I am pleased to announce the launch of the Decentralized Application Security Project (DASP), an open and collaborative project to categorize and rank all known smart contract vulnerabilities. The field of smart contracts, while relatively new, has seen an incredible amount of surprising and devastating attacks. Notably, there was the DAO contract which lost 615,391 ethers (~ $50 million at the time) before forcing a fork of the Ethereum protocol, and then there was the Parity multi-signature wallet bugs which allowed attackers to steal more than 150,000 ethers (~ $30 million dollars at the time) and then block another 513,774 ethers. I believe it is of the utmost importance for the security community to assess the different smart contract issues and educate developers about these risks. This was done by the OWASP for web application vulnerabilities, and was successful in raising awareness of vulnerabilities in web applications.


While Ethereum has created a new and fast-growing field in block chain technology, the security issues surrounding smart contracts have challenged its development, destroying many promising projects and lowering the public trust in smart contracts. Unlike web applications, Ethereum is directly linked with money and exploits typically result in immediate financial loss. These enormous economic losses have created an appreciation for security that most fields have had a hard time achieving (or have still yet to achieve). As the security community is trying to organize itself around cryptocurrencies and smart contracts, we hope to quickly spread knowledge of these issues into the developer community.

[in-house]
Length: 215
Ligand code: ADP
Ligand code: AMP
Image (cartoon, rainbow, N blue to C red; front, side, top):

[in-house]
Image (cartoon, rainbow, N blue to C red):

To achieve this, a Top 10 of all smart contract security issues was produced, as well as a list of smart contract vulnerabilities found in the wild. As Ethereum is still rapidly evolving, new vulnerabilities are expected to be discovered and the DASP Top 10 should reflect new developments. We hope that the DASP will play an important role in improving the security stance of Ethereum smart contracts.

All of us in the security community are familiar with the well-known mantra “security is a process.” However, the immutability of smart contracts challenges this mindset. Testing contracts has become an important part of gaining confidence in a smart contract’s soundness. It is important that clear guidelines and methods are created and shared to audit smart contracts. While the DASP page currently hosts its first iteration of the Top 10 and a running list of smart contract vulnerabilities, it is really meant to grow into a larger platform that will host more projects in the future. NCC Group supports this initiative and has made the page open-source to further collaboration with the security community. Please do not hesitate to create discussions in the Github issues or submit pull requests to the repository. You can start submitting your findings today.